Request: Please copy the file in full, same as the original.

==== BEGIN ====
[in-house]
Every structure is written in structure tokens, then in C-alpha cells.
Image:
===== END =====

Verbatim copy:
[in-house]
Every structure is written in structure tokens, then in C-alpha cells.
Image: